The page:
Newswise — COLUMBUS, Ohio – A floating weed that clogs waterways around the world has at least one redeeming feature: It’s inspired a high-tech waterproof coating intended for boats and submarines.
The Brazilian fern Salvinia molesta has proliferated around the Americas and Australia in part because its surface is dotted with oddly shaped hairs that trap air, reduce friction, and help the plant stay afloat.
In the November 1 issue of the Journal of Colloid and Interface Science, Ohio State University engineers describe how they recreated the texture, which resembles a carpet of tiny eggbeater-shaped fibers. The plastic coating they created in the laboratory is soft and plush, like a microscopic shag carpet.
In nature, air pockets trapped at the base of Salvinia’s hairs reduce friction in the water and help the plant float, while a sticky region at the tips of the eggbeaters clings lightly to the water, providing stability.
It’s the combination of slippery and sticky surfaces that makes the texture so special, said Bharat Bhushan, Ohio Eminent Scholar and the Howard D. Winbigler Professor of mechanical engineering at Ohio State.
“The Salvinia leaf is an amazing hybrid structure. The sides of the hairs are hydrophobic – in nature, they’re covered with wax – which prevents water from touching the leaves and traps air beneath the eggbeater shape at the top. The trapped air gives the plant buoyancy,” he said.
“But the tops of the hairs are hydrophilic. They stick to the water just a tiny bit, which keeps the plant stable on the water surface.”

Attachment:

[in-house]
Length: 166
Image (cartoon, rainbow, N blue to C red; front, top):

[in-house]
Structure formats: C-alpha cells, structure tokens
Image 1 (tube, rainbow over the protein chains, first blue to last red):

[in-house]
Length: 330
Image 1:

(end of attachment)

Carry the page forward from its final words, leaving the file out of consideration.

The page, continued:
In tests, the coating performed just as the Salvinia hairs do in nature. The bases of the hairs were slippery, while the tips of the hairs were sticky. Water droplets did not penetrate between the hairs, but instead clung to the tops of the eggbeater structures – even when the coating sample was turned on its side to a 90-degree vertical.
With commercial development, the coating could reduce drag and boost buoyancy and stability on boats and submarines, Bhushan said.
Bhushan and master’s student Jams Hunt compared the stickiness of their plastic coating to the stickiness of the natural Salvinia leaf using an atomic force microscope. The two surfaces performed nearly identically, with the plastic coating generating an adhesive force of 201 nanoNewtons (billionths of a Newton) and the leaf generating 207 nanoNewtons.
That’s a very tiny force compared to familiar adhesives such as transparent tape or even masking tape. But the adhesion is similar to that of another natural surface studied by Bhushan and other researchers: gecko feet.
“I’ve studied the gecko feet, which are sticky, and the lotus leaf, which is slippery,” Bhushan said. “Salvinia combines aspects of both.”
Bhushan develops biomimetic structures – artificial structures created in the lab to mimic structures found in nature. The gecko feet inspired him to investigate a repositionable, “smart” adhesive, and the lotus leaf inspired the notion of glass that repels water and dirt.
He came to study Salvinia through a colleague in the university’s Biological Sciences Greenhouse, who provided samples of the plant for the study.
Salvinia molesta, also known as giant salvinia, is native to Brazil, and is a popular plant for home aquariums and decorative ponds around the world. It needs no dirt, but lives solely in the water – even moving water such as rivers and lakes.
At some point, the hearty plant escaped from people’s homes into the wild. Now it has proliferated into commercial waterways in North America, South America, and Australia, where it has become an invasive species.
While the plant is a nuisance to ships today, it could ultimately provide a benefit if a commercial coating based on its texture became available. Bhushan has no plans to commercialize it himself, though.
“With this study, we’ve gotten deep insight into a very simple concept [how the Salvinia leaf works]. That’s where the fun is,” he said. “Besides, I’ve already moved on to studying shark skin.”
Editor’s note: Images of the Salvinia microstructure are available from Pam Frost Gorder.